Referring to FIG. 3 a modification in the arms 22a and 22b is illustrated. In this embodiment a sliding portion 50a is attached to 22a and 50b is attached to 22b. Slots 51a and 52a are made through arms 50a and 50b and then secured to 22a and 22b by means of bolts 53a and 53b. This adjustment provides the extension of arms 22a in case the unconsolidated portion 40 has a much greater depth than anticipated, thus providing for additional depth for extending the base plate earth coupling means so that it can adequately reach consolidated material 43.

A modified version of the pyramidal base plate earth coupling means is shown in FIG. 2. In that arrangement a continuous wedge-shaped base plate is connected between arms 22a and 22b on each side of the housing 10. This elongated or wedge-shaped earth coupling means will provide additional coupling area if needed. It is also noted in this embodiment that a single cylinder 28 can be used for coupling wedge position control through a bar 55 mounted between arms 22b and then attaching shaft 30 to pivotal arrangement 31 to bar 55. An L-shaped bracket 56 can be used to couple cylinder 28 to a pivot 29 such as disclosed in FIG. 1.

A particular mechanical configuration has been illustrated having the base plate coupling means disclosed in this undersea vibrator. It is obvious that the invention is not so limited as to the particular mechanical configuration illustrated. For example, arms 22a and 22b can be connected directly to the to the sidewall 11 of housing 10 without the extension attaching member 21.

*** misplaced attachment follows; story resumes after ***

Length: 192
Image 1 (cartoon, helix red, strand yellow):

Other means of attaching the base plate or wedge-shaped coupling means 20 can be utilized. The basic concept of the invention is the extendible base plate earth coupling means which are pivotally attached to the housing 10 in a manner to provide accommodation of the unconsolidated material while maintaining the vibrator housing out of the unconsolidated material during its operation.

It is obvious that changes can be made in the application and still be within the spirit and scope of the invention as disclosed in the specification and appended claims.

Patent Citations
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US3159232 *Nov 14, 1962Dec 1, 1964Continental Oil CoShear wave transducer
US3372770 *Jan 21, 1966Mar 12, 1968Continental Oil CoShear wave transducing apparatus